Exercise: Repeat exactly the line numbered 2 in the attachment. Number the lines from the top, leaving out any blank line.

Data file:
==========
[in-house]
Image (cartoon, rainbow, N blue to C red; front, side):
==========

Image (cartoon, rainbow, N blue to C red; front, side):